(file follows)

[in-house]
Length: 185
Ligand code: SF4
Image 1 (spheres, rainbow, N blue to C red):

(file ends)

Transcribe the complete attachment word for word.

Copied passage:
[in-house]
Length: 185
Ligand code: SF4
Image 1 (spheres, rainbow, N blue to C red):